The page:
A Lakota Tribe’s Elder Schools a Harvard Professor

Key Point: Do your employees just get a lecture or do they get your love? I recently read a great story in Forbes magazine. It was about Harvard’s renowned professor, author, philosopher, Clayton Christensen, and a time when he was struggling to really connect with his students. Let me share a fascinating segment from this article:

“On a plane flight to Minneapolis, Clayton sat next to an elderly man who belonged to the Lakota tribe. He was very wise. In their conversation he learned of Clayton’s profession and asked, ‘Is it fun to teach at Harvard?’ Clayton responded that it normally was, but this semester was very difficult and explained how his students didn’t enjoy his class. After listening patiently, the man said, ‘The reason this is happening is that you are not teaching with love. You always need to teach with love.’

This profound comment took Clayton completely by surprise. The concept of teaching with love and the Harvard Business School case method had never been put together prior to this. So the next day he tried it. Just before he entered the classroom, he knelt down in his office in meditation, self-reflection, and prayer. His desire was that his students would feel love emanating through the way he taught. Within a few days, the animosity left. It was replaced with a spirit of warmth, trust, and happiness. And many of those students have remained close to Clayton ever since. More interesting, many of them wondered what had happened. They asked Clayton, and he told them the story of the elderly man from the Lakota Indian Tribe on an airplane to Minnesota.”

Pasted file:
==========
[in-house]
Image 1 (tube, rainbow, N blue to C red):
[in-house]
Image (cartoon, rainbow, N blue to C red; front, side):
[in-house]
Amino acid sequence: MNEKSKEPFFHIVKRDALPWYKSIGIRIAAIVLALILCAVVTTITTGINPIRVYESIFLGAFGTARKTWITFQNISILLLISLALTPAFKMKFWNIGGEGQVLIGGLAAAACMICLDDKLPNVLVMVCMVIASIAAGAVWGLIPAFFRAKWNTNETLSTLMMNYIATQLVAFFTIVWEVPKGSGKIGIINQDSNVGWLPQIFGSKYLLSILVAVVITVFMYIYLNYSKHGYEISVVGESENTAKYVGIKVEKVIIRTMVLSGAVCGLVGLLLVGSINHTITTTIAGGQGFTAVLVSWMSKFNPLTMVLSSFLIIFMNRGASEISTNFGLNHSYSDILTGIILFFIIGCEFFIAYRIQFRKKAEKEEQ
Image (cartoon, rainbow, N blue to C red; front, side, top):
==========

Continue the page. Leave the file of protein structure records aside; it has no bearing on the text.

Love is a challenging and complex word. And people resist using it in the work world. But the idea of separating work and life is ridiculous; kind of like waiting to retire to live your best life. Really? And yet if I think deeply, with honesty and courage, I understand that it really is the conveyance of love that makes a profound difference. If I “lecture” my kids, my words are much more accessible to them if they FEEL my sincere love and care for them. The same applies to my teammates. If my words and action comes from anger, arrogance, self-righteousness, and so on, it is likely to fall on very deaf ears. The authenticity associated with love is not there and others know it.

Ken Krogue, the author of this Forbes article and a thoughtful leader in his own right, goes on to say:

“Love is far more powerful than belief. Love takes work. It is a decision that leads to action that leads to feeling that leads to change… Do you truly love what you do? Do you love who you work with? Do you love who you work for? If not, you have two choices: Change your work, or work your change.”

Character Moves:

  1. Do you teach from a position of love in your daily life? All of it? We are obviously imperfect beings, but if we do not come from a position of love when we coach and teach, it is difficult for others to genuinely connect with us. Reflect on this.
  2. Think about what it means to teach, coach and share with love as the foundation. Our work then becomes about others much more than ourselves. The Lakota elder is very wise. Teach with love. It is the love not the lecture that profoundly conveys the content.

Teach with Love The Triangle,

Lorne

 

3 Comments
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